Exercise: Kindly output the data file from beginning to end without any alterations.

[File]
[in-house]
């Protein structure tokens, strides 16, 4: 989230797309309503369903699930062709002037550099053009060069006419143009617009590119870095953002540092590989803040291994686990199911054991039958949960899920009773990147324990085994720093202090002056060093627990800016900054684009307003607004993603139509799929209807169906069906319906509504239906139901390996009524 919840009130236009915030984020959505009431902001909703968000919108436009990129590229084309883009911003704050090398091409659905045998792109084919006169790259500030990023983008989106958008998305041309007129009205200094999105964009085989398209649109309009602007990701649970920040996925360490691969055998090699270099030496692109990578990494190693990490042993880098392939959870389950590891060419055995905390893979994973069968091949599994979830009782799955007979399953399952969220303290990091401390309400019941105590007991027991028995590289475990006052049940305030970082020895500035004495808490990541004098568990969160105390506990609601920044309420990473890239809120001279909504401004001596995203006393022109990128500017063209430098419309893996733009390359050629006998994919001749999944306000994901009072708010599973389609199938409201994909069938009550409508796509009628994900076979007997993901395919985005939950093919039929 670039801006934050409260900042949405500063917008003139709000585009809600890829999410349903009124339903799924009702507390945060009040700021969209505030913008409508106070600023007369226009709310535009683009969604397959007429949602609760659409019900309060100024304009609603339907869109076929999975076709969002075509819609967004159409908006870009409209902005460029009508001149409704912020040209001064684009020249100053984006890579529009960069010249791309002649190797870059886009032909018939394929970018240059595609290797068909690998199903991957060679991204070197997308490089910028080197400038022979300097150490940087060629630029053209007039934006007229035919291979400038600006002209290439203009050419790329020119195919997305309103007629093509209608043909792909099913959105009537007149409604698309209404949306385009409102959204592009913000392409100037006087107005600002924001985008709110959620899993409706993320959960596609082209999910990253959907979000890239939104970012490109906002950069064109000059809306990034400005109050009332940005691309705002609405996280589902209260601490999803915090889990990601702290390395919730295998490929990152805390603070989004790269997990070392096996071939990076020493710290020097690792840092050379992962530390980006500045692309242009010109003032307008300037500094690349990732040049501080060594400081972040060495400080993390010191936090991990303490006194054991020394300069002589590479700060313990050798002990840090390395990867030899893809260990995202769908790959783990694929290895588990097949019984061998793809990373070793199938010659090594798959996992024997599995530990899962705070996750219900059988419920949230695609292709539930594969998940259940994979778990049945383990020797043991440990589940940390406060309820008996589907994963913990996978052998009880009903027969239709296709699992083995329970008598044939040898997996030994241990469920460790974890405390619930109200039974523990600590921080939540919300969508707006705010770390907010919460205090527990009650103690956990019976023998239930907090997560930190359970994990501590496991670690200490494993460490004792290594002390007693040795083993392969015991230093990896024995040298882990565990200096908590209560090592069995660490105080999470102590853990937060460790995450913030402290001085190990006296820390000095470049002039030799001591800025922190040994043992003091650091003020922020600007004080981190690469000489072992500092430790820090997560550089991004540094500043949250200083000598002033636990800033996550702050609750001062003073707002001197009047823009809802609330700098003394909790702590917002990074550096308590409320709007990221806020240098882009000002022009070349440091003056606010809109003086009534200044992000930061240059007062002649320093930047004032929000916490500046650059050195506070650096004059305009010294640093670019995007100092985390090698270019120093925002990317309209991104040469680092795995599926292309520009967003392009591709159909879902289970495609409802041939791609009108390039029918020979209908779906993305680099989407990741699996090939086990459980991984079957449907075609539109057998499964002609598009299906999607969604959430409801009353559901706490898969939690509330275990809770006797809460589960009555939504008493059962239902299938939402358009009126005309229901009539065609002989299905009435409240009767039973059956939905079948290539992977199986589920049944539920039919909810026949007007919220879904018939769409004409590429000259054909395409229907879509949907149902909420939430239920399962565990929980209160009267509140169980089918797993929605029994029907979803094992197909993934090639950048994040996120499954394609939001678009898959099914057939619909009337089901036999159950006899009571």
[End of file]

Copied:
[in-house]
């Protein structure tokens, strides 16, 4: 989230797309309503369903699930062709002037550099053009060069006419143009617009590119870095953002540092590989803040291994686990199911054991039958949960899920009773990147324990085994720093202090002056060093627990800016900054684009307003607004993603139509799929209807169906069906319906509504239906139901390996009524 919840009130236009915030984020959505009431902001909703968000919108436009990129590229084309883009911003704050090398091409659905045998792109084919006169790259500030990023983008989106958008998305041309007129009205200094999105964009085989398209649109309009602007990701649970920040996925360490691969055998090699270099030496692109990578990494190693990490042993880098392939959870389950590891060419055995905390893979994973069968091949599994979830009782799955007979399953399952969220303290990091401390309400019941105590007991027991028995590289475990006052049940305030970082020895500035004495808490990541004098568990969160105390506990609601920044309420990473890239809120001279909504401004001596995203006393022109990128500017063209430098419309893996733009390359050629006998994919001749999944306000994901009072708010599973389609199938409201994909069938009550409508796509009628994900076979007997993901395919985005939950093919039929 670039801006934050409260900042949405500063917008003139709000585009809600890829999410349903009124339903799924009702507390945060009040700021969209505030913008409508106070600023007369226009709310535009683009969604397959007429949602609760659409019900309060100024304009609603339907869109076929999975076709969002075509819609967004159409908006870009409209902005460029009508001149409704912020040209001064684009020249100053984006890579529009960069010249791309002649190797870059886009032909018939394929970018240059595609290797068909690998199903991957060679991204070197997308490089910028080197400038022979300097150490940087060629630029053209007039934006007229035919291979400038600006002209290439203009050419790329020119195919997305309103007629093509209608043909792909099913959105009537007149409604698309209404949306385009409102959204592009913000392409100037006087107005600002924001985008709110959620899993409706993320959960596609082209999910990253959907979000890239939104970012490109906002950069064109000059809306990034400005109050009332940005691309705002609405996280589902209260601490999803915090889990990601702290390395919730295998490929990152805390603070989004790269997990070392096996071939990076020493710290020097690792840092050379992962530390980006500045692309242009010109003032307008300037500094690349990732040049501080060594400081972040060495400080993390010191936090991990303490006194054991020394300069002589590479700060313990050798002990840090390395990867030899893809260990995202769908790959783990694929290895588990097949019984061998793809990373070793199938010659090594798959996992024997599995530990899962705070996750219900059988419920949230695609292709539930594969998940259940994979778990049945383990020797043991440990589940940390406060309820008996589907994963913990996978052998009880009903027969239709296709699992083995329970008598044939040898997996030994241990469920460790974890405390619930109200039974523990600590921080939540919300969508707006705010770390907010919460205090527990009650103690956990019976023998239930907090997560930190359970994990501590496991670690200490494993460490004792290594002390007693040795083993392969015991230093990896024995040298882990565990200096908590209560090592069995660490105080999470102590853990937060460790995450913030402290001085190990006296820390000095470049002039030799001591800025922190040994043992003091650091003020922020600007004080981190690469000489072992500092430790820090997560550089991004540094500043949250200083000598002033636990800033996550702050609750001062003073707002001197009047823009809802609330700098003394909790702590917002990074550096308590409320709007990221806020240098882009000002022009070349440091003056606010809109003086009534200044992000930061240059007062002649320093930047004032929000916490500046650059050195506070650096004059305009010294640093670019995007100092985390090698270019120093925002990317309209991104040469680092795995599926292309520009967003392009591709159909879902289970495609409802041939791609009108390039029918020979209908779906993305680099989407990741699996090939086990459980991984079957449907075609539109057998499964002609598009299906999607969604959430409801009353559901706490898969939690509330275990809770006797809460589960009555939504008493059962239902299938939402358009009126005309229901009539065609002989299905009435409240009767039973059956939905079948290539992977199986589920049944539920039919909810026949007007919220879904018939769409004409590429000259054909395409229907879509949907149902909420939430239920399962565990929980209160009267509140169980089918797993929605029994029907979803094992197909993934090639950048994040996120499954394609939001678009898959099914057939619909009337089901036999159950006899009571």